module specification

NF7038 - Public Health and Epidemiology (2017/18)

Module specification Module approved to run in 2017/18
Module title Public Health and Epidemiology
Module level Masters (07)
Credit rating for module 20
School School of Human Sciences
Total study hours 200
158 hours Guided independent study
42 hours Scheduled learning & teaching activities
Assessment components
Type Weighting Qualifying mark Description
Coursework 50% 45 Report (2500 words)
Coursework 25% 45 Poster (750 words)
Coursework 25% 45 Oral presentation (15 minutes)
Running in 2017/18
Period Campus Day Time Module Leader
Spring semester North Monday Morning

Module summary

 This module aims to develop knowledge and skills of nutritional epidemiology and its application to public health nutrition. Students will learn the theory and application of public health and will understand the process of undertaking a public health nutrition strategy.

  1. Report which will be a business case apply for funding to implement a public health project (2500 words) (50%);
  2. An evaluative poster of the public health nutrition component of placement 3 (750 words)  (25%) ; this will be due when students return from placement during the exam period of the Autumn semester of the students’ second year.
  3. This will be accompanied by the third component, an oral presentation (25%) of the poster (for 20 minutes). 

Notes:  Restricted to PGDip/MSc Dietetics & Nutrition

Prior learning requirements

Postgraduate entry requirements apply

Module aims

 The aims of this module are aligned with the qualification descriptors within the Quality Assurance Agency’s Framework for Higher Education Qualifications. Specifically it aims to introduce the concepts and principles used in public health and epidemiology, develop the student’s understanding of contemporary and controversial issues in public health. In addition students will appreciate the ethical implications involved in the application of nutritional information for public health and gain a clear understanding of factors affecting food choice throughout the lifecycle and across socioeconomic divide.


  •  Principles of epidemiology and the application to public health dietetic practice
  •  Identifying the requirements for public health at a population level.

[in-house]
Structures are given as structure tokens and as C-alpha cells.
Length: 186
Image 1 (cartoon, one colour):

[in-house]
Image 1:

•  Methods of optimising nutritional status at a population level.
  • The interaction of diet, socio-economic, genetic and political influences on health and disease.
  • Public health policies and practices and strategies in UK and overseas.
  • Food choice across the lifecycle
  • Study of the UK diet in relation to socio-demographic factors such as age, religion, ethnicity, socio economic class
  • Needs assessment of communities and populations
  • Use of demographic, epidemiological anthropometric and nutrition survey data in developing and evaluating PH strategies.
  • Planning and implementation of appropriate health promotion initiatives
  • Financial planning in the NHS - commissioning contracting and tendering
  • Business planning in the NHS
  • Partner in local, regional and national structures
  • Local regional and national policies
  • Developing local strategies
  • Commissioning a patient led NHS
  • Choosing Health

Learning and teaching

Knowledge of the subject matter of this module will be acquired via interactive lectures (22 hours), group tutorials (12 hours) and in class oral presentations (8Hours) which are mandatory.  In addition students will be required to spend up to 158 hours in private study, preparation and self-directed reading.  Students will be instructed in the appropriate use of learning resources and assisted with suitable directed reading material.

Learning outcomes

On successful completion of this module students should be able to:

  1. Evaluate methodologies used in nutritional epidemiology and interpret and evaluate epidemiological data in relation to nutrition and health.